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By Heather Idoni

Added Thursday, July 01, 2010
Vol. 11 No. 34, July 1, 2010, ISSN: 1536-2035
© 2010, Heather Idoni - www.FamilyClassroom.net

Welcome to The Homeschooler's Notebook!

If you like this newsletter, please recommend it to a friend!
And please visit our sponsors! They make it possible.


The Keystone School is an accredited and licensed private school that
offers teacher-supported distance learning courses for grades 6 – 12.
We have partnered with homeschool families for over three decades in
educating children at home through middle and high school. At Keystone
you can enroll your child in a full course load, or supplement another
homeschool curriculum with one or two Keystone courses. Whether your
child’s goal is to become conversational in Mandarin, get a head start
on earning college credit by taking AP courses or brush up on English
grammar, Keystone can help. Visit keystoneschoolonline.com or call us
at 1-800-255-4937 to learn more.


Notes from Heather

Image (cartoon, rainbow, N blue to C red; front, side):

-- Arts Appreciation Plans
Helpful Tip
-- Free 4th of July Download
Winning Website
-- The History Net
Reader Question
--  Learning Difficulties & High School
Additional Notes
-- Newsletter Archives
-- Sponsorship Information
-- Reprint Information
-- Subscriber Information

Notes from Heather

Music and Art Appreciation for High School - Lesson Plans

Dear Readers,

I found a great website/blog with free downloads for high school level music and
art appreciation lesson plans
.  Some plans are available for purchase and, should
you like what you see with the free offerings, are also very affordably priced.

The website is Harmony Fine Arts.  According to the blog, these arts appreciation
courses are simple and easily accomplished in just a few hours per week.

Especially if you have a teen who is not particularly musical or artistic, music or
art appreciation are great electives to add some pizzazz to their transcript!

-- Heather


Do you have comments to share? Please do!

Send to: mailto:heather@familyclassroom.net


    New from Barbara Frank!


Helpful Tip

Free Download for Fourth of July (USA Independence Day)

FamilyAudio.com is offering a free audio book of the National Anthem and
Founding Documents.  I would encourage everyone to download this and listen
with your children this 4th of July.

We are so blessed to live in this country... we must pass on this heritage
to our children and grandchildren.  Hearing these documents read is powerful.
If you have a facebook account I would encourage you to add them as friends
as they often offer a free download  of pertinent books.